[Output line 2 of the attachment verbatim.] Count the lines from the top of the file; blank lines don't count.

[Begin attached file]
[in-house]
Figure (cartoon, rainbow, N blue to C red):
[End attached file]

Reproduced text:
Figure (cartoon, rainbow, N blue to C red):